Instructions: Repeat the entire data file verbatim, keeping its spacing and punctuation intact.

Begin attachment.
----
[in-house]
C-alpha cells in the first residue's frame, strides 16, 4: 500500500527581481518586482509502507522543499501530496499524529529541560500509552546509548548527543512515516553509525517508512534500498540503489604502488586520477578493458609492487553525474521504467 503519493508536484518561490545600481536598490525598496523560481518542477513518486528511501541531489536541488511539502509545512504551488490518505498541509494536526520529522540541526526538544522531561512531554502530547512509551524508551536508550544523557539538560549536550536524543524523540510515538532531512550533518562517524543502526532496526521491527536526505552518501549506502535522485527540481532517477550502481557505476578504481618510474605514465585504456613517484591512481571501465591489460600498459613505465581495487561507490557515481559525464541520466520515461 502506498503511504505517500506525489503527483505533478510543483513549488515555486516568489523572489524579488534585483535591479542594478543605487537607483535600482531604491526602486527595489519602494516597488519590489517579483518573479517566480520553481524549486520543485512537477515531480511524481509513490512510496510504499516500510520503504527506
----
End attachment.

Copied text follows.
[in-house]
C-alpha cells in the first residue's frame, strides 16, 4: 500500500527581481518586482509502507522543499501530496499524529529541560500509552546509548548527543512515516553509525517508512534500498540503489604502488586520477578493458609492487553525474521504467 503519493508536484518561490545600481536598490525598496523560481518542477513518486528511501541531489536541488511539502509545512504551488490518505498541509494536526520529522540541526526538544522531561512531554502530547512509551524508551536508550544523557539538560549536550536524543524523540510515538532531512550533518562517524543502526532496526521491527536526505552518501549506502535522485527540481532517477550502481557505476578504481618510474605514465585504456613517484591512481571501465591489460600498459613505465581495487561507490557515481559525464541520466520515461 502506498503511504505517500506525489503527483505533478510543483513549488515555486516568489523572489524579488534585483535591479542594478543605487537607483535600482531604491526602486527595489519602494516597488519590489517579483518573479517566480520553481524549486520543485512537477515531480511524481509513490512510496510504499516500510520503504527506